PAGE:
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California Library Hall of Fame: Ray Bradbury
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California Library Hall of Fame

Ray Bradbury (1920-2012)

One of the greatest and most prolific authors of the 20th-century, Ray Bradbury was a passionate supporter of libraries, calling them “the center of our lives.” A 1938 graduate of Los Angeles High School, Bradbury sold newspapers on the street until 1942, continuing his education at his local public library. His most beloved work, Fahrenheit 451, famously began as a novella, The Fireman, in UCLA’s Powell Library, where he fed dimes into a pay typewriter. Bradbury was proudly self-educated in libraries, proclaiming that he didn't believe in colleges and universities--instead he believed in libraries! He once joked to the NY Times that he spoke for free at over 200 California libraries. He also allowed libraries to sell his autographed books and keep all the profits. Bradbury spoke at California Library Association annual conferences and constantly sang the praises of California libraries. When libraries in Pomona, Long Beach, Ventura, South Pasadena, and other areas were threatened with budget cuts and even closure, he was an outspoken, articulate, and attention-getting advocate for their survival. In 2004 Bradbury was awarded the Medal of Arts Lifetime Achievement Award and, in 2007, the Pulitzer Board recognized him with a Special Citation for his incredible lifetime achievements. A crater and an asteroid are also named after him, plus he has a star on the Hollywood Walk of Fame.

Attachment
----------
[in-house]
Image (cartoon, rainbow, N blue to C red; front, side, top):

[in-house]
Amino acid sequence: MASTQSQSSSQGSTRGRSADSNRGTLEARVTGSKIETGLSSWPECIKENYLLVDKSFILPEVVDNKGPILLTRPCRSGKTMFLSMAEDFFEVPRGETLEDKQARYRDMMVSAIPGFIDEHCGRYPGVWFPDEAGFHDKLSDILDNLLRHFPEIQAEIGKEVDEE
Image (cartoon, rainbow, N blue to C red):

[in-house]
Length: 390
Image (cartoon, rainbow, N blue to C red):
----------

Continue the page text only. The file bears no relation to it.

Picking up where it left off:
Ray Bradbury was inducted into the California Library Hall of Fame in 2016. For more information about him, please see:

  • “Ray Bradbury” [official site],
  • “Ray Bradbury,”

  • Brandan Dowling,  “I Graduated from the Library: An Interview with Ray Bradbury,” Public Libraries Online (May 20, 2013).


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